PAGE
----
Country embarking on a new tourism strategy as part of its building of trade sector
When one thinks about tourism hotspots, Burundi is not the first that comes to mind. But, that doesn’t mean it couldn’t get there.
Nowadays tourism is a fraught topic of course, with the pandemic causing the sector to grind to a halt, and jobs and income for millions across the globe on the line. But for Burundi, tourism contributed only about 3.5% to GDP in 2019, and the sector remains vastly underdeveloped considering its bounteous natural landscapes and rich wildlife.
“There is a poor quality of basic infrastructure, insufficient qualification of professionals in the tourism chain, lack of incentives for investment in the sector, lack of awareness of partners on the benefits of tourism and weak structuring of the sector,” said Leopold Bizindavyi, Monitoring and Evaluation Officer for the Enhanced Integrated Framework (EIF) in Burundi.
He added, “There is a lack of vision to see tourism as a development engine for the future of the country.”
It is with potential in mind that the country is taking the moment to develop a tourism strategy alongside a more general analysis of the country’s trade called a Diagnostic Trade Integration Strategy (DTIS). This research and analysis is produced as part of the country’s categorization as a least developed country (LDC), thus granting it targeted trade assistance from EIF, which is supporting these studies.
“The importance of analysis is fundamental. EIF supports trade research like DTIS and other sector-specific assessments to help inform action and create solutions,” Donelan said.
Over the past half century or so, Burundi has gained independence from colonization and experienced bouts of ethnic and political conflict. This has left its economy wanting, with 80% of the mostly poor rural population depending on the agriculture sector.
“Before the conflict in 2015 the country was slowly starting to get on its feet and getting more positive GDP growth, as well as a return of tourists. It was transitioning to more of a post-conflict development scenario, and they had got their levels of tourism up to around 300,000 visitors a year,” said Peter Donelan, EIF Coordinator for Burundi.
Since 2015, the land-locked country has been building back, and tourists have slowly been returning.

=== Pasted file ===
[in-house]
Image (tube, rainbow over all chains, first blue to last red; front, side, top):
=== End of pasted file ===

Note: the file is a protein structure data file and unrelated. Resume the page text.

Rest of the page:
Donelan said, “The World Bank has tourism as only 1.26% of exports for Burundi. But when you look at this percentage for Rwanda, it's 31%, Tanzania, 26%. So there’s huge scope to expand, and huge potential, also for attracting investment.”
The country’s National Tourism Office has seen business returning to hotels that had been suffering since 2015, as well as an influx of people coming to do business. It has a list of objectives for tourism development to 2027 that includes focusing on business, cultural and sports tourism, and aims to address its hotels, restaurants and tour operators and guides.
“Burundi has comparative advantages. We have a diversity of landscapes. We have Lake Tanganyika where there could be water sports, fishing, scuba diving and cruise tourism where it would be possible to see the shores of the Democratic Republic of Congo, Tanzania and Zambia. Then there’s hiking, historical cultural sites, Karera Falls,” said Bizindavyi.
With the upcoming tourism strategy, it is hoped that additional investments will also flow in for the various needs the country has to attract vacationers and develop sites. But a good plan also requires capacity to implement.
“A lot of effort is needed to sensitize national and international investors. Consequently, it is necessary to have sufficient human, material and financial resources for feasibility studies to identify and protect sites. There are other areas where training is needed,” said Jean Claude Clovis Bahati, who works in planning and management of tourism sites at the National Tourism Office.
The need for resources is crucial for a country like Burundi to spur this kind of development
“The plan is to use this tourism strategy in order to be able to present mini-project proposals to donors to develop infrastructure, for example on Lake Tanganyika. One thinks for example of the World Bank, the European Union, Belgium,” Bizindavyi said.
With the strategy and the DTIS completed, an evidence-backed set of action points will be available, which is useful for donors looking to targeted support.
“We're trying to bring some of the donors on this journey, as donors recognize the importance of tourism for foreign exchange earnings as well as to stimulate investment,” Donelan said.
He noted that an option for the government was to look at building ties and cooperation with neighboring countries with well-established tourism industries like Tanzania and Rwanda. The work with neighbors fits into the regional cooperation that is ongoing as part of the East African Community’s tourism development strategy.
With celebrated sites like the Serengeti, Zanzibar and the Southern Highlands not far away, Burundi is in the right place. Next is finding the right time.
“The objective would be to develop the country's cultural and natural heritage and exploit Burundi's strategic position in the heart of Africa. There are many tourist sites and we have the advantage of being competitively priced,” Bizindavyi said.
Header image: A processing facility in Adama, outside Addis Ababa, Ethiopia. ©Fernando Castro/EIF
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